January 18, 1892 – August 7, 1957
Of Laurel and Hardy, Oliver Hardy was the first to go. On September 12, 1956 – he suffered a stroke that left him paralyzed (they were planning a come-back at the time). He never regained the ability to speak, and required 24-hour care. He lived out the rest of his days at his mother-in-law’s house in Burbank. The house is located on Auckland Avenue.
His widow, Lucille, was at his side when he died.
Findadeath.com friend Grant Brenna writes in: After Hardy’s first stroke he was unable to speak. Stan Laurel visited him often and normally did not speak either. Rather, they communicated with each other and and amused one another with their hands and facial expressions. Naturally, they were adept at this as their silent film career depended on just such skills. Oliver Hardy, you may recall, was an accomplished magician and had marvelous hand movements!
Upon hearing the news of his death, Stan Laurel stated, “What’s there to say? It’s shocking of course. Ollie was like a brother. That’s the end of the history of Laurel and Hardy.” He was 65 years old. From the look at the cause of death on his death certificate – he was a mess.
Findadeath.com friend Natalie sends us this input: “COMMENT ON OLIVER HARDY’S MESS AT DEATH – ALL THE DEATH CERTIFICATE TRANSLATES TO IS SUDDEN HEART ATTACK, BAD HEART, CLOGGED VESSELS AND BLOOD CLOTS CAUSING STROKES WITH RIGHT PARALYSIS AND INABILITY TO SPEAK.” Yep, sounds pretty bad to me.
Oliver Hardy was cremated at The Chapel of the Pines, and is buried in Valhalla Memorial Park.
Findadeath.com friend Bob Willis sent this in: “The “piano on the stairs” scene you mention in the Laurel and Hardy story is one of the most famous directorial innovations in Hollywood history. If you saw the picture, you know that they had labored mightily to move the piano up a seemingly endless winding stairway leading to a house on top of a hill. When they finally get it up there, they pause for a break and both of them take their hands off the piano to wipe their faces with bandanas. They are in the forefront of the picture, facing the camera, the piano is in the background directly behind them. The audience sees the piano slowly start to move down an incline toward the stairs they have just wrestled it up, but the “boys” (as they were often called) are oblivious to the movement. The piano slides out of the screen shot (and the camera remains fixed on the faces of Laurel and Hardy) as the noise of its descent is heard. First a heavy thump, then the tinkle of a keyboard. Another thump, a sort of crashing sound, and then a slowly diminishing cacaphony of piano notes and splintering sounds as the piano goes down the lengthy stairway. All of this time, the camera remains in a closeup on the faces of Laurel and Hardy. It was the longest sustained shot of anyone’s face ever filmed (and I presume it still holds that record) and it was the first time that a scene of primary action was depicted by sound only. Alfred Hitchcock later used the device often, notably in Vertigo when he has the body of a woman fall from a tower and streak past the face of a man trying to climb a spiral staircase to reach her before she jumps. We see only a flash of the falling woman through a window behind the man, but the camera remains on the stricken face of the man as her screams and the thud of her impact are heard.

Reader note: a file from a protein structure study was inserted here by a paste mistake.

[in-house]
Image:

Laurel and Hardy were not only “fine comedians of their time”, as you somewhat dismissively say (hey!), but were among the great comedians of all time — and superior by far to any comedic team in the history of filmmaking. Nobody doing comedy today is even remotely in their class.”
Trivia: The composer of the famous Laurel and Hardy theme song was T. Marvin Hatley.
Findadeath.com sleuth Beca sends this information – and a pic:
THIS IS YOUR LIFE
Broadcast December 1, 1954
During the 1950’s, Laurel and Hardy made several plans to appear in television comedies, either as a regular series or a series of specials. Unfortunately, touring plans and the health of either Stan or Ollie prevented these projects from getting off the ground. Their only network TV appearance came on December 1, 1954 on NBC’s THIS IS YOUR LIFE. It was a surprise, unrehearsed appearance (which may or may not have miffed Stan a bit) during which friends and co-workers from The Boys’ past were trotted out for a series of teary-eyed, nostalgic embraces. The Boys are polite and charming throughout, though they leave most of the talking to host Ralph Edwards. Some of the choices of guests may be questionable, but the appearances of Hal Roach Jr., Leo McCarey, Ida Laurel and Lucille Hardy were certainly appropriate. A fairly entertaining half-hour, and one of our few glimpses into Stan and Ollie’s off screen personas.
Findadeath.com friend David Fowles sends this picture: It’s of their wax statues, from that awful wax museum on Hollywood Boulevard.